One of our users asked the following question:-
This is a wonderful sort of problem I found out.
While I got some answers from fellow pals like these (I have attached them at the end), I found that it rather “deceived them”.
My way of solving may be this:-
If 1/a is a natural number greater than 1
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We may take it 2 for example, or simply x. (x is natural)
In that sense a would be equal to ½ or 1/x
So, if we take ½, in place of a,
then nothing but the LCM of a3 a4 & a6
is finding the LCM of ⅛, 1/16 & 1/64
We know the rule of LCM of fractions = (LCM of numerators)/(HCF of denominators)
So, answer will be a3.
Similarly, if you use x simply in place of 2, it would have yielded similar results.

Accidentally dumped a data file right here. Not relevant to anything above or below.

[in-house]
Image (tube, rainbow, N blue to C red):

In school exams, you’re appreciated to use x and not taking random numbers.
We used for clarifying that better.
NOTE:- You may directly instead apply the lemma that the LCM of fractions if with same numerator, will give it for lowest power.
But, this is not for school exams.
The given info is just a sort of trick trying to deceive you and mislead….
This sum will go on with just normal method of doing L.C.M
Lcm will be a⁶